I'm futzing around with a FLIR Systems E8, a forward looking infrared (FLIR) camera. My goal is to use it to, among other things, characterize heating in semiconductor components in embedded systems. Or anything else I can get my clients to pay for.
Here's an Nvidia Jetson TK1 evaluation board. The round hot spot in the middle is the integrated cooling fan on top of the Tegra SoC which has four ARM Cortex-A15 cores, a fifth low-power Cortex-A15 core, and 192 GPUs. The fact that you can buy this much horsepower for only USD$192 is amazing to me. The Jetson is the next in a long (long) series of ARM-based evaluation boards that I've used to do reference ports of my company's software libraries whose code finds its way into my clients' products.
I'm an Apple user principally, and I do most of my development work on Linux or Android. But I have to keep a Windows laptop around for one technical reason or another. (I also run Windows in a VM on one of my Macs.) This is my Lenovo Thinkpad T430s that I use for field troubleshooting. What's interesting is you can really tell where the exhaust vent for the fan is by that heat signature on the left hand side. Also note the power brick on the right.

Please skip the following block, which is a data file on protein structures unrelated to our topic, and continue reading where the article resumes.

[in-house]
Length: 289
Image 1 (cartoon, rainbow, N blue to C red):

This stuff is tricky. This is my ghostly reflection in a Pella double-paned low-emissivity sliding glass door at the Palatial Overclock Estate. There is clearly a bit of an art at discriminating direct IR from reflected IR. I ordered a roll of emissivity calibration tape that is made to be used for just this purpose.
I chose the FLIR Systems E8 for a variety of reasons. My tiny company could afford it, although it was still an expensive piece of kit, even for a guy that's used to buying a new server, laptop, or evaluation board at the drop of a hat. I think the E-serie's MSX imaging technology that incorporates both an IR camera and a conventional camera makes it a lot easier to tell just what the heck you're really looking at, particularly when you are reviewing images taken perhaps days earlier. Ditto with the 320 x 240 pixel resolution, which I expect to come in handy when peering at components on a printed circuit board. And the unit is portable and easy to use so I won't hesitate to schlep it around to client sites.
I have used a relatively inexpensive IR thermometer with a laser sight for similar purposes for several years now. It will be interesting to see if the E8 replaces my IR thermometer completely or is merely an additional tool in my kit.